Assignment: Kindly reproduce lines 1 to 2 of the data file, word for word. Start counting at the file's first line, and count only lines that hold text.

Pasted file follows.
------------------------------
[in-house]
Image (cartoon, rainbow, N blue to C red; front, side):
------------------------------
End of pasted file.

[in-house]
Image (cartoon, rainbow, N blue to C red; front, side):